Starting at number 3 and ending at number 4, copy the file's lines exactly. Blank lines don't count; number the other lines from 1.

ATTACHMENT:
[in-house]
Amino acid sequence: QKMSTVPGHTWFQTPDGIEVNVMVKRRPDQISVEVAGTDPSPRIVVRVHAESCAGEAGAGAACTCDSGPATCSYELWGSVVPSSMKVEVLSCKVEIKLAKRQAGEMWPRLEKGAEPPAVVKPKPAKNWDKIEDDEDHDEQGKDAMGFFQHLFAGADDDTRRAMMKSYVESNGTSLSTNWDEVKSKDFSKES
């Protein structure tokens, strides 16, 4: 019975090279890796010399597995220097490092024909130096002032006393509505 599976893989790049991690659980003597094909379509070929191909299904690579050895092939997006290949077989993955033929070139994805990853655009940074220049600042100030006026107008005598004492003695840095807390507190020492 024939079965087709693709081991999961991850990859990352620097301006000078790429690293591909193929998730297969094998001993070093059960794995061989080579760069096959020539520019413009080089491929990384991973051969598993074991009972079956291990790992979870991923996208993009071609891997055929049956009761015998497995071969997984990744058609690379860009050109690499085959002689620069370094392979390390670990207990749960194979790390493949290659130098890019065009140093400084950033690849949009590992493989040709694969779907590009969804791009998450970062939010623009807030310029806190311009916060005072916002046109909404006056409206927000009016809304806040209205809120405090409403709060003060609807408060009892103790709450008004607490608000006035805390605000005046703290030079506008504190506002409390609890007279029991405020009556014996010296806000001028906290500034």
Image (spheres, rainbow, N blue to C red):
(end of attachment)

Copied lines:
């Protein structure tokens, strides 16, 4: 019975090279890796010399597995220097490092024909130096002032006393509505 599976893989790049991690659980003597094909379509070929191909299904690579050895092939997006290949077989993955033929070139994805990853655009940074220049600042100030006026107008005598004492003695840095807390507190020492 024939079965087709693709081991999961991850990859990352620097301006000078790429690293591909193929998730297969094998001993070093059960794995061989080579760069096959020539520019413009080089491929990384991973051969598993074991009972079956291990790992979870991923996208993009071609891997055929049956009761015998497995071969997984990744058609690379860009050109690499085959002689620069370094392979390390670990207990749960194979790390493949290659130098890019065009140093400084950033690849949009590992493989040709694969779907590009969804791009998450970062939010623009807030310029806190311009916060005072916002046109909404006056409206927000009016809304806040209205809120405090409403709060003060609807408060009892103790709450008004607490608000006035805390605000005046703290030079506008504190506002409390609890007279029991405020009556014996010296806000001028906290500034």
Image (spheres, rainbow, N blue to C red):